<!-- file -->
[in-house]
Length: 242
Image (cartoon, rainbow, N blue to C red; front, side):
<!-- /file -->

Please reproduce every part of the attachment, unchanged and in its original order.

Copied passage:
[in-house]
Length: 242
Image (cartoon, rainbow, N blue to C red; front, side):